The Genius of Billy Gladstone
Books on jazz don’t get a lot of attention these days outside of some selected coverage in the jazz and drum press. But periodicals have only so much space, and with booksellers like Borders and Barnes and Noble in trouble, jazz books are rapidly losing the visibility—however limited it’s been—that they once had.
These days, potential readers have to know specifically what they’re looking for before ordering from a site like Amazon.com.
There is, however, something very close to a “jazz book store” on line, in the form of the fabulous EJazzLines.com. If it has to do with jazz, EJazzLines has it, and that includes CDs, DVDs, big band charts, instructional materials and a department devoted solely to rare imports on CD. If there is anything like a “jazz superstore” in this world, EJazzLines.com is it.
I recently visited the books section of their site and was pleased to find a new book by colleague and author Chet Falzerano. Known for his previous book on the history of the Gretsch Drum Company (his knowledge of Gretsch is encyclopedic), his newest work is devoted to the legendary drummer and inventor, Billy Gladstone (1893-1961). I can’t wait to get it.
No, Gladstone wasn’t a jazz drummer, rather, a show drummer best known for holding down the snare drum chair at Radio City Music Hall from 1932 to the latter 1940s.
Buddy Rich always praised Gladstone’s work, specifically his long roll. “My roll is probably the best roll in the world outside of one other drummer, and I’m not modest,” Buddy once said. “The greatest drummer that I have heard in my life as far as rudiments and the roll are concerned is Billy Gladstone.”
Of Gladstone, the Percussive Arts Society’s Frederick D. Fairchild said, “Few players in history had the talent, ability and drive to perfect their art and the tools of the trade to the degree that Billy Gladstone was able to achieve.”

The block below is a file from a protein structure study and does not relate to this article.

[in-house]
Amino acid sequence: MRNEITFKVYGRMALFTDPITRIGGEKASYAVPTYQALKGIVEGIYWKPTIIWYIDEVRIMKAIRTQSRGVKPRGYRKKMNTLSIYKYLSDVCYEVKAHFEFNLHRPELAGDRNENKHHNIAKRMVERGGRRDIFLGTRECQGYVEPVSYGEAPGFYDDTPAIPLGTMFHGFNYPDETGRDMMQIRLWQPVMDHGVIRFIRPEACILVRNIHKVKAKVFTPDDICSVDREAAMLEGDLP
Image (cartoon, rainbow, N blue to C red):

Technically, Gladstone was an early proponent of finger control, i.e., use of the fingers to control the bounce of the sticks, and influenced a number of players in this regard, including Joe Morello and Shelly Manne.
What made Gladstone a true legend in the drum world was his work as an inventor, designer and manufacturer of drums, a “second career” he began after leaving Radio City.
Indeed, his snare drums—and the few, full sets he manufactured—are the most highly valued drum collectibles on the earth. Gene Krupa loved the Gladstone snare drum and used it on several recordings.
He began his association with the Gretsch company in 1937 as a Gretsch endorser. The same year, the Gretsch/Gladstone snare was introduced, which had some pretty fancy features, including the ability to tune both top and bottom heads at the same time, a lightning fast strainer, and something called “fingertip tone regulators.” After World War II, Gretsch gave up on the snare, and by 1949, after leaving Radio City, Gladstone set up shop in his New York city apartment and started building custom snares. The shells? Gretsch, of course. He never gave up playing, and he had a continued presence in Broadway pit bands. Indeed, he was the orchestra percussionist for “My Fair Lady.”
Chet Falzerano is a superior writer and a singular historian who has an unparalleled passion for subjects like this. I have no doubt that “Billy Gladstone: Drummer and Inventor” will be a library essential.
This 80-page work is available at EJazzLines.com—and other outlets as well—for a discounted price of $17.96